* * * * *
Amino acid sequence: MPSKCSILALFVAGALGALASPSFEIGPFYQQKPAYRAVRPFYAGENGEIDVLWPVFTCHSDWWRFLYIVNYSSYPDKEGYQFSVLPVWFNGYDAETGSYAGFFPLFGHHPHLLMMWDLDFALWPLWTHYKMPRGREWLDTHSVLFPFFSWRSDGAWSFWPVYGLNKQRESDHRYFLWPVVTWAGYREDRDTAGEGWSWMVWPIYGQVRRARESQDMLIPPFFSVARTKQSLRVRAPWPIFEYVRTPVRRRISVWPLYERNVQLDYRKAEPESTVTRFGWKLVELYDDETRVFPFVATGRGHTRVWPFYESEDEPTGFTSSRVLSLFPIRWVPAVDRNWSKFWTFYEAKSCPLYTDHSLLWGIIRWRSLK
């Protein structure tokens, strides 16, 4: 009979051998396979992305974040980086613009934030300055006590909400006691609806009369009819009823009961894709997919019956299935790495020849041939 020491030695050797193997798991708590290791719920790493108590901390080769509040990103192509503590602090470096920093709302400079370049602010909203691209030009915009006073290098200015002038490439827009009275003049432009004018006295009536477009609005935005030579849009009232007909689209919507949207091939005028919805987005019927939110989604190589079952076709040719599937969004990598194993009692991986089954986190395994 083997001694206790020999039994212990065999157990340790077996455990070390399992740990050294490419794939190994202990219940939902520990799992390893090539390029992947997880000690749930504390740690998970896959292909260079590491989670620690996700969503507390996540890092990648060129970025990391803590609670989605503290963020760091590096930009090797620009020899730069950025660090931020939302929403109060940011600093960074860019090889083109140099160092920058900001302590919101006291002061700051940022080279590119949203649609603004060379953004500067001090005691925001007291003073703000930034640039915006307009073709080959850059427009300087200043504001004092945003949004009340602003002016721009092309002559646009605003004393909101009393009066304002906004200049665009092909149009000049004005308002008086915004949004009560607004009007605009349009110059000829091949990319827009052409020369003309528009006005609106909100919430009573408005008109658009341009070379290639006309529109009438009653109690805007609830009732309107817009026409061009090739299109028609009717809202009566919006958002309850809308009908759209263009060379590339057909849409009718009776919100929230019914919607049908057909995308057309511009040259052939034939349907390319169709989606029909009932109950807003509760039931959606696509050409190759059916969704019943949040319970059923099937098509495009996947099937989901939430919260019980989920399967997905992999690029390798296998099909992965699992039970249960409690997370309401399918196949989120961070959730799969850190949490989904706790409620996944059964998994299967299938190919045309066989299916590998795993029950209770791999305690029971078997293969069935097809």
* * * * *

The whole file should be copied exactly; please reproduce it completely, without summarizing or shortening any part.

Amino acid sequence: MPSKCSILALFVAGALGALASPSFEIGPFYQQKPAYRAVRPFYAGENGEIDVLWPVFTCHSDWWRFLYIVNYSSYPDKEGYQFSVLPVWFNGYDAETGSYAGFFPLFGHHPHLLMMWDLDFALWPLWTHYKMPRGREWLDTHSVLFPFFSWRSDGAWSFWPVYGLNKQRESDHRYFLWPVVTWAGYREDRDTAGEGWSWMVWPIYGQVRRARESQDMLIPPFFSVARTKQSLRVRAPWPIFEYVRTPVRRRISVWPLYERNVQLDYRKAEPESTVTRFGWKLVELYDDETRVFPFVATGRGHTRVWPFYESEDEPTGFTSSRVLSLFPIRWVPAVDRNWSKFWTFYEAKSCPLYTDHSLLWGIIRWRSLK
């Protein structure tokens, strides 16, 4: 009979051998396979992305974040980086613009934030300055006590909400006691609806009369009819009823009961894709997919019956299935790495020849041939 020491030695050797193997798991708590290791719920790493108590901390080769509040990103192509503590602090470096920093709302400079370049602010909203691209030009915009006073290098200015002038490439827009009275003049432009004018006295009536477009609005935005030579849009009232007909689209919507949207091939005028919805987005019927939110989604190589079952076709040719599937969004990598194993009692991986089954986190395994 083997001694206790020999039994212990065999157990340790077996455990070390399992740990050294490419794939190994202990219940939902520990799992390893090539390029992947997880000690749930504390740690998970896959292909260079590491989670620690996700969503507390996540890092990648060129970025990391803590609670989605503290963020760091590096930009090797620009020899730069950025660090931020939302929403109060940011600093960074860019090889083109140099160092920058900001302590919101006291002061700051940022080279590119949203649609603004060379953004500067001090005691925001007291003073703000930034640039915006307009073709080959850059427009300087200043504001004092945003949004009340602003002016721009092309002559646009605003004393909101009393009066304002906004200049665009092909149009000049004005308002008086915004949004009560607004009007605009349009110059000829091949990319827009052409020369003309528009006005609106909100919430009573408005008109658009341009070379290639006309529109009438009653109690805007609830009732309107817009026409061009090739299109028609009717809202009566919006958002309850809308009908759209263009060379590339057909849409009718009776919100929230019914919607049908057909995308057309511009040259052939034939349907390319169709989606029909009932109950807003509760039931959606696509050409190759059916969704019943949040319970059923099937098509495009996947099937989901939430919260019980989920399967997905992999690029390798296998099909992965699992039970249960409690997370309401399918196949989120961070959730799969850190949490989904706790409620996944059964998994299967299938190919045309066989299916590998795993029950209770791999305690029971078997293969069935097809």